Experienced Costa Rican diplomat selected as executive secretary of the United Nations Climate Change Secretariat, reports Envido.
Online PR News – 28-May-2010 – – Christiana Figueres was formally appointed yesterday by UN Secretary Ban Ki moon as the new UN climate chief, and will take over the role from Yvo de Boer from 1 July. The decision was endorsed yesterday at a meeting of the Bureau of the UN Framework Convention on Climate Change (UNFCCC).
Figueres has been a member of the Costa Rican climate change negotiating team since 1995, and has a long history with the UNFCCC. From 2007 to 2009 she was vice-president of its bureau, representing Latin America and the Caribbean, and over the years she has chaired numerous international negotiations.
UN spokesman Martin Nesirky said the appointment was made after consultations with parties to the convention. He added: "Figueres is an international leader on strategies to address global climate change and brings to this position a passion for the issue, deep knowledge of the stakeholders, and valuable hands-on experience with the public sector, non-profit sector and private sector."
There had been speculation that the South African tourism minister Marthinus van Schalkwyk was favourite to get the job, but Figueres succeeded among a field of candidates from developing countries.
Figueres’ father, Jose Figueres, who led the 1948 revolution and founded modern democracy in Costa Rica, was president of the country three times. Her mother, Karen Olsen Beck, served as Costa Rican ambassador to Israel in 1982 and was elected a member of Congress from 1990-1994.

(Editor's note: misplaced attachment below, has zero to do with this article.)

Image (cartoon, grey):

Figueres herself has also held a number of government posts and is one of the region's foremost environmental experts, having served as the Director of Renewable Energy in the Americas (REIA), and founded the Center for Sustainable Development of the Americas (CSDA), a non-profit organisation dedicated to promoting the participation of Latin American countries in the climate change convention.
Figueres will have five months to lay the basis for this year's UN climate change summit in Cancun
Upon taking up the role, Figueres will have just five months to lay the groundwork for this year's UN climate change summit in Cancun, Mexico in November. While most participants in the talks have accepted that a binding treaty is highly unlikely to be agreed this year, the Mexico summit will have to deliver substantial progress on a number of key issues if a deal is to be finalised at next year's summit in South Africa.
Vitally, Figueres will have to try to find a way to break the deadlocks between the industrialised nations, emerging economies and developing countries that have stalled progress on issues such as emissions targets, climate funding, deforestation and carbon trading.